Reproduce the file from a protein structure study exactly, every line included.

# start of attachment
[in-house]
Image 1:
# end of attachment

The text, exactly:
[in-house]
Image 1: